Google search is now based on a search query processor for the interpretation of search queries and the compilation of corpuses from documents relevant to the search query. This is where BERT, MUM and RankBrain may come into play.

In search query processing, the search terms are compared with the entities recorded in the semantic databases and refined or rewritten if necessary. 

In the next step, the search intent is determined and a suitable corpus of X content is determined.

Google uses the classic search index as well as its own semantic database in the form of the Knowledge Graph. It is probable that an exchange takes place between these two databases via an interface.

There is a scoring engine consisting of different algorithms based on Hummingbird’s core algorithm. It is responsible for evaluating content and then putting it in an order based on the scoring. Scoring is about the relevance of content in relation to the search query or search intent.

Since Google also wants to evaluate the quality of content in addition to relevance, an evaluation according to E-A-T criteria must also be carried out. You can find out which criteria these could be in 14 ways Google may evaluate E-A-T.

For this E-A-T evaluation, Google must assess the expertise, authority and trustworthiness of the domain, the publisher, and/or author. The semantic entity databases can be the basis for this. 

Search results are then freed of duplicates via a cleaning engine and any penalties are taken into account.

I read a lot about structured data, the semantic optimization of content and the structure of semantic topical worlds when it comes to semantic SEO. 

Yes, it makes sense to show Google that you completely cover certain topics with your content and, therefore, show expertise. 

Some patents deal with the comparison of documents’ internal knowledge graphs with the Google Knowledge Graph. The theory here is that a high level of correspondence between the entities used in a text and the relationship structures of the main entity in Google’s semantic database leads to better rankings.

That sounds logical. But let’s be honest, in the end, keyword-based optimization does not differ significantly from entity-based content optimization.

The structure of topical worlds also makes sense, although it has to be said that in times of passage ranking, the following should be considered:

Yes, structured data can help Google understand semantic relationships, but only until they no longer need it. And that will be soon.

In my opinion, Google is so good at machine learning that they are using structured data to train the algorithms faster.

Let’s take markups for social media profiles as an example. It took only about a year from the time Google recommended its use until they announced they can automatically see social profiles without structured data.

It’s just a matter of time before Google no longer needs structured data.

Structured data is also not a good basis for an evaluation. You either have them or you don’t.

You can count all of this to semantic SEO. However, what I often miss is the global view of entities as publishers and authors. More off-page than on-page signals play a role here. Based on the relationships between authoritative and credible entities, Google wants to determine which domains and authors are the best quality sources for a topic according to E-A-T.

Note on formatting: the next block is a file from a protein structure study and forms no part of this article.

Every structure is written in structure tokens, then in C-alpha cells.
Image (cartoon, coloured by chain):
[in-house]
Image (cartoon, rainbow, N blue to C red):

Links and co-occurrences from Google can be used as factors for this proximity between authority entities. And by semantic SEO, I also mean optimizing them.

While we’re on the subject of co-occurrence, you should also consider how NLP works when optimizing content. Google uses NLP to identify entities and their context. This works via grammatical sentence structures, triples and tuples made up of nouns and verbs.

That is why we should also pay attention to a grammatical simple sentence structure in semantic SEO. Use short sentences without personal pronouns and nesting. This is how we serve users in terms of readability and search engines.

I think that in the future there will be an increasing exchange between the classic Google search index and the Knowledge Graph via an interface.

The more entities are recorded in the Knowledge Graph, the greater their influence on the SERPs. However, Google still faces the major challenges of reconciling completeness and accuracy.

For Hummingbird’s actual scoring, the document-level entities do not play a major role. Rather, they are an important organizational element for building unweighted document corpuses on the search index side.

The actual scoring of the documents is done by Hummingbird according to classical information retrieval rules. However, on the domain level, I see the influence of entities on ranking much higher. Enter E-A-T. 

In the next years, we’ll most likely see the increasing impact of entities in Google search. The new appearance of entity-based searches clearly shows how Google is gradually organizing the indexing of information and content around an entity. This indicates how strongly innovations like MUM follow the idea of ​​a semantic search.

Opinions expressed in this article are those of the guest author and not necessarily Search Engine Land. Staff authors are listed here.